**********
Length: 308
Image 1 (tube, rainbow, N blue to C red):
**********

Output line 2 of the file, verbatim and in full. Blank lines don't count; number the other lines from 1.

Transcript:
Image 1 (tube, rainbow, N blue to C red):